The Taliban’s systematic violence against women; commission of war crimes; including the killing of civilians, taking over of houses, house-to-house searches to find women activists, journalists, and human rights defenders, rape, forced marriages of widowed women and girls over the age of 12, banning women and girls from continuing their education and work; and many other egregious human rights violations, all point to a darker future for Afghans, especially women and human rights defenders. Without the support of the international community, these grievous acts of violence against women in particular and human rights abuses will only worsen as the Taliban gains in strength. Taliban’s insurgency in seizing the country, destroying the structures of the government, and insulting the dignity of Afghans with the support of some of the countries in the region, is an active act of terrorism. In addition, the current condition of the country is not only a humanitarian crisis but also a matter of international peace and security. Taliban and their atrocities are not only a threat to the nationals of Afghanistan but also intranational citizens present in the country. Thus, it is with great concern to state that, if the international community, by turning their backs to this country, let the history repeat itself, the Taliban’s governance on Afghanistan not only affects Afghanistan, but also the international peace, and psychological security of the entire world.

Therefore, we urge the international community, including the United Nations, the Office of the High Commissioner of the Human Rights, the European Union, the Organization of the American States, and the African Union to:

  • Address the root causes of the escalating conflict and violence in Afghanistan in order to find sustainable solutions that are in the best interests of Afghan citizens.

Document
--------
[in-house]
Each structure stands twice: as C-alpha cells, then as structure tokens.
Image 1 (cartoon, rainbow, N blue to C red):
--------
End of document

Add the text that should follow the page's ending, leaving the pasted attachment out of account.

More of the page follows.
• Call on all parties involved in the current conflict to search for a solution through peaceful dialogue in order to ensure the rule of law and the protection of human rights in Afghanistan.
  • Ensure that all countries immediately expand and expedite refugee protection measures for Afghans fleeing violence and persecution.
  • Establish a special humanitarian program for Afghan civilians at this time of great need.
  • Arrange inclusive and direct evacuation flights for Afghan human rights defenders and women activists, who are all under threat and in great need of easing emergency relocation for themselves and their families.
  • Remove any requirement by states receiving HRDs and women activists that applicants and their eligible family members must relocate to a third country. This is particularly so for Afghan women activists, for whom visas are difficult to come by in the best of times. With the twin disasters of COVID-19 and war now raging across Afghanistan, most countries have ceased offering visas and have closed their borders, making it impossible for people to reach a safe place. Thus, it is with urgent need and emphasizes to pressure the neighboring countries and the international community under the guidance of the international human rights law for opening their borders to the people of Afghanistan.
  • Establish a high-level interagency refugee coordinator to manage refugee processing and relocation across countries offering help and to greatly increase processing capacity. The current lack of coordination and processing capacity leads to much confusion on what the ever-changing international communities’ policies mean in practice for Afghan nationals. Those Afghans who make it out of the country are often in severe distress and this is increased when, upon arrival at their first exit point, they face disorganization and uncertainty as to process and procedure. All actors need to collectively mobilize and coordinate to ensure that Afghans can relocate swiftly and with dignity.